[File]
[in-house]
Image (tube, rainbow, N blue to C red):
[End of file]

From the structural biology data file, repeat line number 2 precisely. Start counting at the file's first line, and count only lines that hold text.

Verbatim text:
Image (tube, rainbow, N blue to C red):